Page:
Long Story Short
Not a tech blog today more just a store on design and development. So here goes.
Once upon a time not too long ago and not very far away I was happily working working away when the dreaded battle started between 'The Design' and the 'The Process' types.
Well the end of this was that neither side won their little war and as the big hats came in an 'solved' the team problems by a compromise which left both sides unhappy and shall we say not on speaking terms.
So on the process side the great and glorious 'Scrum' process was adopted (btw not the choice of the Process types) and on the design side they stuck with good old Requirements and Design from the 'Waterfall' model we all know and love.
The real rub was the chief process guy was put in charge of the requirements and the chief design person was place in charge of the process. Needless to say I smelt disaster from a long way off.
Well some time later when 90% of the budget was spent we did accomplish a large number of meetings with minutes and a rather thick requirements doc with an equally thick design doc which either side bother to I thing even read.
With no time or budge left to code the project it was sent it off-shore to some Cyber Coolie shop.
Now the problem that lead to the train wreck was not the code coming back from our coolies it was exactly to specification and their coding and design was sound and well crafted.
The problem was the specification called for an API using REST against a set of resources so to comply with that the designer simply lifted the design off the wc3 website and filled in the blanks with the resources from the Spec.
Well my part in this was a 'Applications Specialist' (what ever that is??) so I was handed the design and told to come up with the test suite for it long before any code was created. The perl angle being that I wrote up the tests in perl,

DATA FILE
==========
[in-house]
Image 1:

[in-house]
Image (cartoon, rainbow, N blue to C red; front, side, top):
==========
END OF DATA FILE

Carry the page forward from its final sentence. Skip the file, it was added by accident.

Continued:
I duly created my test scripts against the the design and things worked and passed with very few iteration back to our coolies. Soon it was coming to release date and me being me I decided that I would try a few things outside the design box and wrote up a little test that used the HTTP delete Method against a full collection;
my $agent = LWP::UserAgent->new; my $url = 'http://projects/1/users'; my $req = HTTP::Request->new(DELETE => $url);
sure enough all the users on the project where deleted. Then I tried
my $url = 'http://projects'; my $req = HTTP::Request->new(DELETE => $url);
and all the projects where deleted.
I then when though numerous other combinations of DELETE and PUT where I was wreak great havoc on the system 1 day before going live and postponed the launch by two months. Suddenly there where no projects, products, accounts, clients and just one record in orders and only one record in users.
Now the short part of the story.
The offshore people did as they where told as they designed to spec, as deleting collections is part of REST. The designers where not to blame as they just fulfilled requirements and the requirements people where not to blame as the designers did not interpret the specs correct.
Seems in the end it was all my fault as I did un-authorided testing???
One has to wonder with all the Scrum standup meetings and design review how something like that would fall though the cracks.
Oh well C'est la guerre